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seashell1982
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[*] posted on 21-2-2012 at 18:44
How to dispose of unknown chemical waste?


I've been trying to form KCN at home and the result is an unkown black glob of mess. How do I dispose of this stuff? The ingredients are potassium ferrocyanide, potassium carbonate, and carbon.
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Endimion17
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[*] posted on 21-2-2012 at 21:20


Dump it in the village water well. :D

If there's a handful of the stuff, and it isn't a cumulative poison, it can go down the drain if you use a lot of water. It's not like that's going to harm anyone.

If there's lots of it, or it's cumulative (heavy metal, nasty pesticides), and the official disposal is expensive, you can always evaporate the water (if possible) and place it in a bottle, wrap the bottle in thick iron wire and entomb it in a concrete block. Or you can mix the solids with the actual concrete and some wire and let it harden. Then throw the nasty block in one of those big dumpsters for large waste like washing machines.
The concrete matrix will keep the nasty stuff inside for a few centuries. It's poor man's vitrification. :)

Of course, if you ever become a big time boss in a chemical company, working with tons of material, don't do it. Be responsible.

[Edited on 22-2-2012 by Endimion17]




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AndersHoveland
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[*] posted on 22-2-2012 at 01:55


Mix in some bleach to oxidize away any potential cyanide that may have formed.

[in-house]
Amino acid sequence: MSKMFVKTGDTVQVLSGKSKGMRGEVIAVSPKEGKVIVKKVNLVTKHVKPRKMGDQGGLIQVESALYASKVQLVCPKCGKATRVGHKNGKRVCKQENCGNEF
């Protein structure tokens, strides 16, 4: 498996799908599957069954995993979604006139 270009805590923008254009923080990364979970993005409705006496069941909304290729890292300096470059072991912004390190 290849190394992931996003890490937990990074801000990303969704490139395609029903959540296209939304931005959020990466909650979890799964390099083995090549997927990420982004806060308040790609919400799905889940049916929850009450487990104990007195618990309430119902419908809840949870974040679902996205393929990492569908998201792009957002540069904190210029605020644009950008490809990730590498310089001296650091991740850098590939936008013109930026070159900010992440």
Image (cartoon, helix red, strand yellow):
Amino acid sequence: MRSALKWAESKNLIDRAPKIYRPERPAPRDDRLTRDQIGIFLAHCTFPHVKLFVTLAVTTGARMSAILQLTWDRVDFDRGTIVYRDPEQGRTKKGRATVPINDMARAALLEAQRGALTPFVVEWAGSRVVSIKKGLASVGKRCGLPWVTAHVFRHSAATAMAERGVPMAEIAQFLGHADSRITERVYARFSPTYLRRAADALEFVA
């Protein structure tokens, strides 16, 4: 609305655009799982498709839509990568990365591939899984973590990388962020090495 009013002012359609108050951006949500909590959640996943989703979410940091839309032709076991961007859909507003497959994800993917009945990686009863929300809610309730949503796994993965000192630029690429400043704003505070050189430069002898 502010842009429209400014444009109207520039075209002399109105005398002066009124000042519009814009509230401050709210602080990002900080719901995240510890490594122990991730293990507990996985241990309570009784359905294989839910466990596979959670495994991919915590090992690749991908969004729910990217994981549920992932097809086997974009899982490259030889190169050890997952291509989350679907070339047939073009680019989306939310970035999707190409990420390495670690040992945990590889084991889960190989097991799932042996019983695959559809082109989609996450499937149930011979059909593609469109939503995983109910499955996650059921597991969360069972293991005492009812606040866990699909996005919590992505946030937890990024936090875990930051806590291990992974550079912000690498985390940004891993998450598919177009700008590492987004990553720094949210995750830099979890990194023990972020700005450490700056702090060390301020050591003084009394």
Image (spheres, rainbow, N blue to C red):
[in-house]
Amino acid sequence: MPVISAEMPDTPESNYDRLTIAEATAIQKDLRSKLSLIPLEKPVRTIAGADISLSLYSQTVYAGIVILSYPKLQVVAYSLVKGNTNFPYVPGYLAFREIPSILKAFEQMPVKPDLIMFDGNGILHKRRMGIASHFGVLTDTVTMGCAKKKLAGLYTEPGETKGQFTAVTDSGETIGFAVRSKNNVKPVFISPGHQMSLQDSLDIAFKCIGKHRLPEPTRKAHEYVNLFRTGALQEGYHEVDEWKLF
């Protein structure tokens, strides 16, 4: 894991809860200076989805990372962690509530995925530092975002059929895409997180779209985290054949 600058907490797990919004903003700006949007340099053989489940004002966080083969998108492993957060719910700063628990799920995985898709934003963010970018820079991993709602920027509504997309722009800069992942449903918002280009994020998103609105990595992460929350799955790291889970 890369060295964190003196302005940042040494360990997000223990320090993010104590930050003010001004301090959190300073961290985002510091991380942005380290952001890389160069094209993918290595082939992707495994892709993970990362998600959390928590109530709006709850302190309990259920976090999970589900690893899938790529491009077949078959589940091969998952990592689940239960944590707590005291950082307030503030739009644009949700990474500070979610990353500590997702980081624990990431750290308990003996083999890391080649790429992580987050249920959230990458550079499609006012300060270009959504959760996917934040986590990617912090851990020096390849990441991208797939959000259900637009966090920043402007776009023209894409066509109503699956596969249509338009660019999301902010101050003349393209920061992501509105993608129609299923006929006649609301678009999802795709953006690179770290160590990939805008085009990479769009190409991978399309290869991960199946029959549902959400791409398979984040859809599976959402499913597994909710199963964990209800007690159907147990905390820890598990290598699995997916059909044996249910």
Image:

[Edited on 22-2-2012 by AndersHoveland]
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[*] posted on 22-2-2012 at 06:07


"Potassium ferrocyanide can be used as a fertilizer for plants"
http://en.wikipedia.org/wiki/Potassium_ferrocyanide

Potassium cyanide is already found in nature
Potassium carbonate is potash
and carbon is not a problem.

mix with water dig hole and water away.

fill hole and pick your favorite plant that you want to go absolutly nuts.

The plant should love that shit dont waist it and dont make more waist by adding more chems to it.

make sure the plant you plant is one that likes alkaline soils :)


[Edited on 22-2-2012 by Ephoton]




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[*] posted on 22-2-2012 at 23:21


The waste is not that dangerous. I would either make it very fine and rinse it away through the toilet with a lot of water. If there is a lot of this kind of water, the other option is making a solid of it through evaporation and putting it in a plastic bag in the household waste. The only metal in it is iron and that is not considered a long term persistent risk and if there is any cyanide in it, it will be decomposed in contact with air and water very quickly (days at most) or it will be completely destroyed by fire when it is in the household waste.





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neptunium
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[*] posted on 23-2-2012 at 11:54


for small quantity of not so toxic stuff i wouldnt even worry about it ...down the drain it goes...
but heavy metal compound (who is getting rid of mercury ??)
highly radio active material (probably not a home scientist though) or higly toxic chemicals would be extremely tricky to dispose of..
i mean how would you even go about calling the EPA and tell them you have to dispose of 20 ml of dimethyl mercury from your garage???
i remember burning a liter of nitrobenzen with gasoline once !
but i donated some uranium acetate to a university...




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[*] posted on 23-2-2012 at 12:33


How'd they like that? No questions asked, just--"Thanks!"?



BOLD

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neptunium
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[*] posted on 23-2-2012 at 12:51


i was working with a teacher there on my element collection...she knew me ,we had work together, it was before 9/11 etc....good old days!



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Endimion17
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[*] posted on 23-2-2012 at 13:33


Quote: Originally posted by neptunium  
for small quantity of not so toxic stuff i wouldnt even worry about it ...down the drain it goes...